The European Space Agency's Maxus-4 microgravity mission was successfully launched on 29 April at 13.28 CET from Esrange, just north of the Arctic Circle near Kiruna in northern Sweden.
The rocket, an 11.5-tonne solid-fuelled Castor 4B, carried a 489-Kg payload of seven scientific experiments with their associated telemetry and video links. These were arranged in five independent modules and the whole package included 14 video cameras and one infra-red camera.
Countdown and launch took place in near-perfect conditions. In brilliant sunshine, Maxus hurtled upwards through the clear blue Arctic sky to reach a maximum speed of about 3,600 metres per second and a maximum height of 704 km. From booster burn-out 70 km up until atmospheric re-entry 740 seconds later, the payload was in excellent microgravity conditions. All seven science packages, housed in five independent modules, functioned perfectly, as did the mission telemetry. Scientists were able to operate their experiments interactively - in one case from as far away as Naples.
But the flawless performance ended during the final stages of the descent. The parachute recovery system, activated 6 km above the ground about 80 km downrange from launch, did not deploy properly. The payload package was badly damaged on impact with the ground. An Esrange helicopter crew found the wreckage at about 15.00 and mission personnel were soon searching it for recoverable material.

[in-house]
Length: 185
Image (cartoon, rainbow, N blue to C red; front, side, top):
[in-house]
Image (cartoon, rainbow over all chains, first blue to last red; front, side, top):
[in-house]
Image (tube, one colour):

When the helicopter returned with its load to ESRANGE at around 18:30, anxious scientists were relieved to find that much of their experimental work was salvageable. The science modules are robust, designed to survive an abrupt deceleration of up to 90g. The Maxus crash-landing exceeded that limit, but although most of the equipment was too damaged for re-use, much data stored on board was recoverable. And many of the valuable samples produced in microgravity - silicon and zeolite crystals, for example - had survived the crash unscathed.
Good telemetry and video links during the flight also helped. Despite the hard landing, at least four of the seven experiments were completely successful. Scientists are still working on data recovery on the other three, with a good chance of at least partial success.